Bob Marley

When I think of good music, I think of songs that make me want to dance. Riffs I can’t get out of my mind. Lyrics that give me pause or transport me emotionally. I think of artists who represent something much bigger than the well-arranged melodies and verses blasting through my speakers. But when I think of great music, I think of artists who manage to do all of these things in their own, unique way.

It is a difficult task to choose my absolute favorite musician, and most times I avoid this difficulty by offering a top five list. While I am hesitant to select a single “favorite,” the artist I would unquestionably choose to celebrate as My Musical Honoree is Bob Marley.

While Reggae is not largely present in American popular music, Bob Marley managed to bring the genre to the world at large—unifying people through music that made you dance and simultaneously contemplate the struggles of humanity. As Marley once said, “My music fights against the system that teaches people to live and die.” His mission was to open minds by way of the ears, and his accomplishments in this realm can be seen through his political influence in Jamaica. In fact, Marley was causing such a stir that he was the target of an assassination attempt in 1976.

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What is interesting is that a man who didn’t particularly set out to make a political difference managed to change the world around him simply by sharing his experience, his thoughts, and his voice through music. The Mayor of Kingston, Angela Brown-Burke, said, “His songs describe virtually every mood of human emotion, and his lyrics resound up until this very day.” His music connects with you in a quest for unity—“one love, one heart”—because our experiences are linked as members of humanity.

In terms of musicality, Marley’s music has a unique sound as it infuses Reggae with a wide array of musical styles. In a PBS feature on Bob Marley, Roger Steffens writes,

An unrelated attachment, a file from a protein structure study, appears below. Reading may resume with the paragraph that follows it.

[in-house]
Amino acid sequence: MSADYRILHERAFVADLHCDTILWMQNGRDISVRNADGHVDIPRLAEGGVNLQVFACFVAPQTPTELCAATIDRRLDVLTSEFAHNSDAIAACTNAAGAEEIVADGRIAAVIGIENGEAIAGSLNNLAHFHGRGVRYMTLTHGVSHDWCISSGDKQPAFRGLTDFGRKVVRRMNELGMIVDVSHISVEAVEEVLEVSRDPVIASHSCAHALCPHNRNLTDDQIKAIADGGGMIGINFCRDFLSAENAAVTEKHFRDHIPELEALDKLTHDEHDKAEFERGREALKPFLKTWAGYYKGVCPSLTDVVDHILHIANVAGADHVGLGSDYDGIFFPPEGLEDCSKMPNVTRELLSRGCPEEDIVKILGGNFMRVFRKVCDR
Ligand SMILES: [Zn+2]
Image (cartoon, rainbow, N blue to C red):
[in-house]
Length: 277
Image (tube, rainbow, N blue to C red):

“As for innovation, Marley was a multi-talented synthesizer of new ideas and rhythms, beginning with his precocious “Judge Not” solo debut at the dawn of the ska era, right up through his ongoing experiments with gospel, r&b, rock, folk, jazz, Latin, punk, scat, disco, and even (in unpublished form) bossa nova.”

This ability turned small island Reggae into a genre that appealed to the sensibilities of the world at large.

The first time I can recall hearing Bob Marley’s music was on a car ride with my mom. “Stir it Up” came on, and though I didn’t know the words, it felt familiar. The heavy guitar skank at the start of the track, the smooth, yet thumping bass line, and the harmony of The Wailers in the background—it was a comfortable groove that I couldn’t get away from. Marley’s music made me feel good. It still does, but now that I’m older, I can appreciate the message behind the words. Bob Marley said many wise things, and I hope that you will explore his music further to hear them for yourself, but in parting, here are some of his words to carry with you: “Life is one big road with lots of signs. So when you riding through the ruts, don’t complicate your mind. Flee from hate, mischief and jealousy. Don’t bury your thoughts, put your vision to reality. Wake up and live!”

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This article is part of Red Envelope’s “#redMusic – My Musical Honoree” Project. Find out more by visiting their Twitter or following the hashtag #redMusic.